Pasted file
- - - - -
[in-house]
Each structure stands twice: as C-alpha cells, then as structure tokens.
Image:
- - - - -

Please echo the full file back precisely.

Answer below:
[in-house]
Each structure stands twice: as C-alpha cells, then as structure tokens.
Image: